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AFA object to ALP's 2019 end-date for grandfathering

The Association of Financial Advisers (AFA) has issued a statement formally objecting to the Australian Labor Party (ALP)’s plan to ban grandfathered commissions on investment and superannuation products by the end of 2019.

The AFA chief executive Phil Kewin said his organisation believed that such a move would hand yet another victory to the big end of town at the expense of small financial advice businesses and their clients.

“Attempting to turn off grandfathered commissions in such a short time frame will only serve to benefit institutions who will be able to hold onto them, with no compulsion to pass any benefit on to consumers,” he said. “Many clients currently receiving advice services for these payments will lose access to them, without any reduction in their fees.” 

“If the concern is that some advisers are receiving grandfathered commissions without providing a service, then there are other options to address this issue, without negatively impacting those clients who are in grandfathered commission paying products and are happily receiving services and advice from their financial adviser,” Kewin said

Mr Kewin said the argument that grandfathered commissions have continued for too long is not reflected in the facts claiming that “there were zero cases of inappropriate financial advice as a result of grandfathered commissions during the Banking Royal Commission hearings and research by Investment Trends indicates that grandfathered commissions have declined from over 30 per cent of advice practice income in 2010 to just nine per cent in 2018.” 
 




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Never let common sense and benefits to the consumer get in the way of Socialist Ideology. Ideology unfortunately will always win out as it is the views of very blinkered politicians.

When is this lot going to realise that the world has moved on and that snots in the trough offends many superannuated.

Hedware - are we talking about member fees charged to all regardless of inter fund (general advice) being to only a few - which is fee for no service or are you talking about the Asset Fee charged on a % basis? Considering the Industry Funds are getting increased FUM, their costs don't seem to fall - ever.

Like opt out insurance automatically forced on super fund members paying a commission?

Hedware,
Yes the world has moved on and not necessarily all for the better and I'm sure that there are many top advisers who do have some grandfathered commission in place, and like me would find your comment of "snots in the trough " quite offensive we all have options and ways of earning our incomes and a vanilla attitude is not the answer, that's what free enterprise is all about.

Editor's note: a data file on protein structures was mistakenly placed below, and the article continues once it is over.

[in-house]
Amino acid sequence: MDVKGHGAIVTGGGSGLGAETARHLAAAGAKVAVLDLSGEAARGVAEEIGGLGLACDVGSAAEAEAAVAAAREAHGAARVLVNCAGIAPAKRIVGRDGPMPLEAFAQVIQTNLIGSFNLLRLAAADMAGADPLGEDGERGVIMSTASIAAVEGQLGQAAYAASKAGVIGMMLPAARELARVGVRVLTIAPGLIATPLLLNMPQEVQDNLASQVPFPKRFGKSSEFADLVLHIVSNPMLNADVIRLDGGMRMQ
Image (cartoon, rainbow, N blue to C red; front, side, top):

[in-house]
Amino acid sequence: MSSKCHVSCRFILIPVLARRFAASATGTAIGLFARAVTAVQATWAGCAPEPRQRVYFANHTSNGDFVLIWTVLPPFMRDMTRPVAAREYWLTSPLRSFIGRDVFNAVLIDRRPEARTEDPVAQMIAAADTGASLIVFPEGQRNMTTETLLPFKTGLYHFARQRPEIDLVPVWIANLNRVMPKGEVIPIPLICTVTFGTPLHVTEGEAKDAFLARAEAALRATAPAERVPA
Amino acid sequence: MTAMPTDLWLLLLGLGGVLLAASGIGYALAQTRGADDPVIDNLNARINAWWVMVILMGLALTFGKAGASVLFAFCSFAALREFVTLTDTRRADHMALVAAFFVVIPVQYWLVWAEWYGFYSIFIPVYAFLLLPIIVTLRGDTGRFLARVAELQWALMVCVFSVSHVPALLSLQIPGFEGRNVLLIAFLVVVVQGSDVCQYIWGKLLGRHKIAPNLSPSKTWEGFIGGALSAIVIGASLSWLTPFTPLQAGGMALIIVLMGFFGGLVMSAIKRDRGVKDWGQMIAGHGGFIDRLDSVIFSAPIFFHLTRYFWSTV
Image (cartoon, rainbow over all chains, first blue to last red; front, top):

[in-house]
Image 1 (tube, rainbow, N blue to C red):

Hardware, this "lot" have learnt that there are two rules - one for the Industry Fund who rollover retail clients super to the Industry Fund under the nose of inter fund advice, paid for by charging every single member no matter how old, wealthy or poor, so that there is plenty of money to pay for heaps of staff to sit around waiting for a few members to call asking for "advice". If that is not a commission and fee for service then Hedware what is it? Industry Fund then extend their generosity to struggling every single new member (victim) insurance no matter their age financial situation, or personal situation - and charge them for advice (INTERFUND) which they must call to receive or cancel insurance. The latest misleading term is flat premium - how does that sit with fair and honest.
HEDWARE, you and you like have ripped off members for too long - time to turn the light back on you - but will you have the courage to t as key responsibility?

I agree.

It's not the grandfathered commissions they are really worried about, as the article states at the practice level these have declined substantially. But by association it is the Volume Based rebates that are also grandfathered and paid ( and kept often) by the licensees.

No instances of bad advice to clients with grandfathered commissions....?

Yeah no kidding, that's because most of those clients don't hear from their adviser and actually receive any advice!

Just let it go. If clients wont pay a fee they are either not engaged, not receiving value or don't deserve your service.

That's good advice.
Charge a quarterly fee to worthy clients. Provide a quarterly portfolio report (there's plenty of software around to do a push of a key) plus a review of some of the investments in the portfolio plus a general economic and business review (and there's plenty of those on offer). Provide an annual review. Provide ad hoc advice when something might impact on portfolio such as tax change. Much better than having to go through motions to clients who are not engaged but under grandfathering commissions (now in trouble if no attempt made).
Setting up a portfolio takes time and money but once underway then best for client (compounding growth) and adviser (reduce workload) to reduce churn. No SOAs and forms needed.

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